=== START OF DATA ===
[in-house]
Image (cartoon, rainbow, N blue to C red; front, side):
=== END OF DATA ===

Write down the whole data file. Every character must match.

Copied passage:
[in-house]
Image (cartoon, rainbow, N blue to C red; front, side):